Friday , July 20 2018

Create Shared Disks for Oracle Linux in VMware

Lets see if you wish to create a shared disk on a Oracle Linux virtual machine. The only difference i could see in a oracle linux you choose LSI Logic parallel and its recommended to choose VMware Para Virtual if its only a Oracle Rac cluster.

The multi-writer option allows VMFS-backed disks to be shared by multiple virtual machines. Used by Third-party cluster-aware applications like RedHat 6 or later with GFS File systems and Oracle RAC Clusters.

I do have a dedicated article to  Create Shared Disks for Oracle RAC Clusters in VMware

If the SCSI Controller is not added in the Oracle Iinux Vm, Machine needs to be offline in order to do it.

Lets see how to do it.

Edit Settings of the First Node in the Cluster.

Add SCSI Controller Add

In SCSI Bus Sharing : None

Change Type : LSI Logic Parallel

image

Now Add the Hard Disk in the First node in the Cluster

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Now Choose

  • Thick Provision Eager Zeroed
  • Sharing Multi Writer
  • Choose Virtual Device Node you just created.
  • Disk mode – Independent Persistent
  • In my Case SCSI Controller 1 – SCSI 1:0

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Now All done with the First Node. if you need more Shared Disks on the Same Virtual Machine. You can use the Same Physical Controller you Created

Additional Disk2 will be SCSI 1:1

Additional Disk3 will be SCSI 1:2

Now Edit Settings Copy the Disk File Name you just Created. For Example – [DataStore1]Vmname/Vmname_1.vmdk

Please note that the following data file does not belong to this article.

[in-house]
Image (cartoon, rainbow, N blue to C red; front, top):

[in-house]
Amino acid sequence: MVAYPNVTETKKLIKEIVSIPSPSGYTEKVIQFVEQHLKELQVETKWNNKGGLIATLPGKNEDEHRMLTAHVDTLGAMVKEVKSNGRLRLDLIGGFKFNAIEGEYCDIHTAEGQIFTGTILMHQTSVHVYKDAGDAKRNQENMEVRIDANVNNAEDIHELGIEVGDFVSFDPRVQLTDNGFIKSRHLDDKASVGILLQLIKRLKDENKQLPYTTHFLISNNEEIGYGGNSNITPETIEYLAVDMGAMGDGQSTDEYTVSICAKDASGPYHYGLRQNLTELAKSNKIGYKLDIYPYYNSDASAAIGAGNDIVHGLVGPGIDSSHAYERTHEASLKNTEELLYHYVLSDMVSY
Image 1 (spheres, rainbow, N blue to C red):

Note : From Third Disks onwards You have to Choose Manage other disks in order to change its settings.

Now go to Second Node in the Cluster –

Add SCSI Controller Add

In SCSI Bus Sharing : None

Change Type : LSI Logic Parallel

image

Now Add Existing Disk –

Now Choose

  • Thick Provision Eager Zeroed
  • Sharing Multi Writer
  • Choose Virtual Device Node you just created.
  • In my Case SCSI Controller 1 – SCSI 1:0 Matching the First Node to be precise.
  • Disk mode – Independent Persistent

image

Disadvantage of doing this Now Storage Vmotion is not Possible. Unless your bus sharing is physical.

Good to know –

Actions or Features Supported Unsupported Notes
Power on, off, restart virtual machine
Suspend VM
Hot add virtual disks Only to existing adapters
Hot remove devices
Hot extend virtual disk
Connect and disconnect devices
Snapshots Virtual backup solutions leverage snapshots through the vStorage APIs; for example, VMware Data Recovery, vSphere Data Protection. These are also not supported.
Snapshots of VMs with independent-persistent disks Supported in vSphere 5.1 update2 and later versions
Cloning
Storage vMotion Neither shared nor non-shared disks can be migrated using Storage vMotion due to the virtual machine stun required to initiate the storage migration.
Changed Block Tracking (CBT)
vSphere Flash Read Cache (vFRC) Stale writes can lead to data loss and/or corruption
vMotion Supported for ORAC only and limited to 8 ESX/ESXi hosts

If its a Oracle Linux VM . Below ensures that the disks falling out of order will not cause issues in ASM

  1. shut down your virtual machine
  2. right-click on the VM’s entry in the left-hand panel and select Edit Settings
  3. click on the Options tab
  4. select the Advanced -> General item on the left and click on the Configuration Parameters

image

  1. Click on the Add Row button
  2. Click Add Row.
  3. In the Name column, enter disk.EnableUUID
  4. In the Value column, enter TRUE

image

  1. Click OK and click Save.
  2. Power on the virtual machine.

Reference –

https://kb.vmware.com/selfservice/microsites/search.do?language=en_US&cmd=displayKC&externalId=1034165

https://access.redhat.com/solutions/94583

https://access.redhat.com/solutions/158873

About Satheshwaran Manoharan

Satheshwaran Manoharan is an Microsoft Exchange Server MVP , Publisher of CareExchange.in
Supporting/Deploying/Designing Microsoft Exchange for some years.
Extensive experience on Microsoft Technologies.

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